My Minipainting Journey

Chapter 1: Who I Am – How I Came to Be

Several years ago, I joined a group of friends in an already-established Dungeons & Dragons game. I’ve been playing Role Playing Games since I was in 7th grade, starting with the Dungeons & Dragons Basic red box, then Advanced Dungeons & Dragons (2nd. ed), and then a multitude of games from Rifts to Paranoia (2nd ed). Even today, I have a Glitter Hearts game about once a month and a Dungeons & Dragons (5th Ed.) every 2 weeks. I play some RPGs is what I’m saying.

Pictured: Lots of weekends.

However, there was something intimidating about the new group, As an incentive to really get into the game, the DM was offering an experience bonus for painted minis.

I had never painted a mini before. It seemed too cost-prohibitive, skill-intensive, and time consuming. I had an interest in painted minis – my friend Jeremy had painted all the minis we used in the D&D 3.5 games he had run for years in my previous group, and I loved to marvel at them. But I didn’t think I could do it.

What I settled on was using markers. I’m talking those big Crayola Magic Markers. I knew this would be a poor substitute for paint, but I hoped that by taking a mini from an incomplete copy of the game Dark World that I bought at a garage sale and putting a little color on it, I could give it a sense of wear, a sense of antiquity that would make up for my lack of skill.

Pictured: Lack of Skill.

The DM begrudgingly game me my XP bonus, but it felt like an empty victory. This group also fell apart after 2 sessions due to work obligations, and I put my markers on the shelf and gave up on minis.

That was until a couple of years later, Em and I got Star Wars Imperial Assault.

We immediately fell in love with Imperial Assault. How could you not? We built skirmish teams and set to pounding the Dooku out of each other. This was early into our relationship, so those games will always have a special place in my heart, and even though I lost far more games that I won, most of my memories of the game are extremely positive. The one negative thing that stands out, though, is that we quickly got tired of looking at beige and grey plastic. I knew I had to get into mini painting, and if you are also looking into painting minis, maybe you can follow a similar path.

STEP ONE: Figuring out what goes into painting figures in the first place.

In our digital age, you can find out how to get started in just about any hobby. I went to YouTube and looked up “Imperial Assault Minipainting.” That led me to Sorastro’s Painting. Sorastro breaks down his painting process so that it’s easy to follow, and even if you aren’t painting the minis he’s painting, his Imperial Assault tutorials lay down some foundational techniques that I still use today.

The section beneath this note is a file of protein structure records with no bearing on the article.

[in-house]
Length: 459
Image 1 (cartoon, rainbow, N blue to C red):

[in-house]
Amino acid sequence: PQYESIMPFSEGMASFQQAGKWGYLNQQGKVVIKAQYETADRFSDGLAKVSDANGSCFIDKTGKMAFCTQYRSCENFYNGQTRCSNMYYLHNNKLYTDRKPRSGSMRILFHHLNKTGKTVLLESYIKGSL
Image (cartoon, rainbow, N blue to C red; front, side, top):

The first minis I ever painted.

STEP TWO: Get some supplies.

So, assuming you already have minis, how to you get enough paints to start off. Well, you could go to your FLGS at ask around, especially if they cater to model painters. However, I just went online and looked for a cheap set that had lots of colors and some brushes. I settled on this starter set from Army Painter, BUT if you’re going this route, and you don’t mind buying from an online seller, look around for a better price. I think I paid $20 for my set, which has all the basic colors of paint and a few brushes.

With my five-ish years of experience, I will say that Army Painter is not my favorite brand of paints, but when you’re just starting off, you don’t need the best paints. Don’t spend a ton of money on painting supplies if you don’t even know if you’re going to like it.

I still have these, though I usually use other paints, and those brushes are dead.


Seriously, just paint. Don’t compare your work to other painters. Don’t worry about messing up – paint can always be painted over. Don’t worry about painting your models “right” – just paint them how you want. You’r learning how paints work and what color schemes you like.

That is how I got started in minipainting. If I knew then what I know now, I could have had a nicely-painted paladin in that doomed D&D “campaign” and felt like I earned those experience points.It wasn’t anywhere near as expensive or as difficult as I had anticipated. I’ve gotten better since I started, and I’m always improving and learning new things.

And so will you.

A much more recent mini I painted. Good-good!

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